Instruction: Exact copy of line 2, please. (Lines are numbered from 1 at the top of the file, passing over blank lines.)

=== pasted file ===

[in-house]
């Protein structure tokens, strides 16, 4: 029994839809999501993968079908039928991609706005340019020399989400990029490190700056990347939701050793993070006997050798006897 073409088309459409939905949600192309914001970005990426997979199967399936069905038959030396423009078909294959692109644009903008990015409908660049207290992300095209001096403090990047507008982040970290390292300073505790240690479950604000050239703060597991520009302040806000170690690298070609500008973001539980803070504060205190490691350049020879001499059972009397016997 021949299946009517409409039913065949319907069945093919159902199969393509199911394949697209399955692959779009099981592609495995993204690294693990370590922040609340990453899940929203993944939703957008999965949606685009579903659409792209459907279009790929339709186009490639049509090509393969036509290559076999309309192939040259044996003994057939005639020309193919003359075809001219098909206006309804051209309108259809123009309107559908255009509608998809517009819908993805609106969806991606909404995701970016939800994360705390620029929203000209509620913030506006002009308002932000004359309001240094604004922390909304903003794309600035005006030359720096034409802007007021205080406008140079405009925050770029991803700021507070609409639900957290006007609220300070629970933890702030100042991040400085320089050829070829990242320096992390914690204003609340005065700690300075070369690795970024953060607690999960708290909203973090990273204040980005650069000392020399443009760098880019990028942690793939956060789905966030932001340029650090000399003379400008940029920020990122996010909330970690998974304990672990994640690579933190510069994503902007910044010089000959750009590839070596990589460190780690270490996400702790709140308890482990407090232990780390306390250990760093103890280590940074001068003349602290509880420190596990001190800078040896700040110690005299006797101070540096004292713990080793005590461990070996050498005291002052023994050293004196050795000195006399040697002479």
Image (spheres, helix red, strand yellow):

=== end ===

């Protein structure tokens, strides 16, 4: 029994839809999501993968079908039928991609706005340019020399989400990029490190700056990347939701050793993070006997050798006897 073409088309459409939905949600192309914001970005990426997979199967399936069905038959030396423009078909294959692109644009903008990015409908660049207290992300095209001096403090990047507008982040970290390292300073505790240690479950604000050239703060597991520009302040806000170690690298070609500008973001539980803070504060205190490691350049020879001499059972009397016997 021949299946009517409409039913065949319907069945093919159902199969393509199911394949697209399955692959779009099981592609495995993204690294693990370590922040609340990453899940929203993944939703957008999965949606685009579903659409792209459907279009790929339709186009490639049509090509393969036509290559076999309309192939040259044996003994057939005639020309193919003359075809001219098909206006309804051209309108259809123009309107559908255009509608998809517009819908993805609106969806991606909404995701970016939800994360705390620029929203000209509620913030506006002009308002932000004359309001240094604004922390909304903003794309600035005006030359720096034409802007007021205080406008140079405009925050770029991803700021507070609409639900957290006007609220300070629970933890702030100042991040400085320089050829070829990242320096992390914690204003609340005065700690300075070369690795970024953060607690999960708290909203973090990273204040980005650069000392020399443009760098880019990028942690793939956060789905966030932001340029650090000399003379400008940029920020990122996010909330970690998974304990672990994640690579933190510069994503902007910044010089000959750009590839070596990589460190780690270490996400702790709140308890482990407090232990780390306390250990760093103890280590940074001068003349602290509880420190596990001190800078040896700040110690005299006797101070540096004292713990080793005590461990070996050498005291002052023994050293004196050795000195006399040697002479």